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water world

What would happen to the world's coastlines if the West Antarctic Ice Sheet melted, raising global sea levels by as much as 20 feet? Some scientists say a collapse is inevitable, possibly even imminent. Click on the images below to get a look at selected coasts in the aftermath of such a melting. (Black lines represent current coastlines.)

While you're at it, check out the same stretch of coast 20,000 years ago. It was the height of the Ice Age, when sea levels were 400 feet lower than today, and there was a lot more land to go around.

Finally, if you dare, have a look at what would be lost if the East Antarctic Ice Sheet were to melt. No one believes this monstrous dome will disintegrate anytime soon. But if it did, it would raise seas around the world by as much as 200 feet. (To play it safe, these images depict a conservative rise of 170 feet.)

Click on any picture to see a larger image (60-130K in size).


east coast: -118 metersU.S. East Coast
20,000 years ago (400 feet/170m below today)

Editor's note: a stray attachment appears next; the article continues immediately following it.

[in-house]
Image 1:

east coast: 5 metersU.S. East Coast
if West sheet melted (17-foot/5m rise)
east coast: 50 metersU.S. East Coast
if East sheet melted (170-foot/50m rise)


florida: -118 metersFlorida
20,000 years ago (400 feet/170m below today)
florida: 5 metersFlorida
if West sheet melted (17-foot/5m rise)
florida: 50 metersFlorida
if East sheet melted (170-foot/50m rise)


northern europe: -118 metersNorthern Europe
20,000 years ago (400 feet/170m below today)
northern europe: 5 metersNorthern Europe
if West sheet melted (17-foot/5m rise)
northern europe: 50 metersNorthern Europe
if East sheet melted (170-foot/50m rise)


Southeast Asia: -118 metersSoutheast Asia
20,000 years ago (400 feet/170m below today)
Southeast Asia: 5 metersSoutheast Asia
if West sheet melted (17-foot/5m rise)
Southeast Asia: 50 metersSoutheast Asia
if East sheet melted (170-foot/50m rise)



Special thanks to: William Haxby
Adjunct Research Scientist
Lamont-Doherty Earth Observatory

Images: William Haxby

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